The edge in GreenEdge: sprinters.
For a brand new team that’s hardly got a ProTour race under its collective belt, GreenEdge has been subjected to a fair about of questioning about their roster composition.
From day one team manager Shayne Bannan’s hiring strategy was “sign a sprinter, sign another sprinter, hire two or three more sprinters.” Some critics were left wondering if that was such a good plan but Bannan is sticking by his guns.
“Not having a GC rider makes you more flexible,” he said. “When you have a GC rider you tend to be very focussed [on the Grand Tours], as you should be, because you spend a lot of money on GC riders.
“Structuring the way we have, it gives us the flexibility to concentrate on most events. We’ll definitely look at that being the focus for the first two years.”
Twisted Spoke thinks Bannan made a wise move in bringing a tight and unwavering focus to GreenEdge’s rider selection. It reminds us of what Garmin’s Jonathan Vaughters accomplished several years ago.
Vaughters wanted to make an impact in the grand tours as Garmin begin to step up in stature. He didn’t have a sprinter and have yet to develop a real GC rider so he chose to focus the team’s efforts on signing excellent time trial riders. Pretty soon he had David Millar, Bradley Wiggins, Dave Zabriskie and Christian Vande Velde. The argyle genius was a fine rider against the clock back in the day and he had particular insights into that specific discipline.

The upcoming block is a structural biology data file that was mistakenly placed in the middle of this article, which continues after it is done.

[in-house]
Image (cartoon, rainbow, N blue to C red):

Instead of a scattershot roster, Garmin quickly became a team that was always competitive in a grand tour team and individual time trial. This approach got the squad off to a strong start and quickly gained them invaluable media coverage.
For his part, Bannan looked at the Australian talents available and saw plenty of fast guys and former fast guys who could mentor them. With Matthew Goss, he has a talented, confident rider ready to challenge anyone — even Cavendish — in a sprint. Old pros Stuart O’Grady and Robbie McEwan are there to share experience and speed development. (If you think Erik Zabel was a big help to Cavendish, wait till you see what McEwen does for Goss.)
This is classic business strategy: don’t try to be everything to everybody — that leads to mediocre results and failure. Instead focus on what you do best. We say GreenEdge will get up to speed very very fast on the ProTour Circuit and at the Tour Down Under. That’s intentional: it’s a team of sprinters.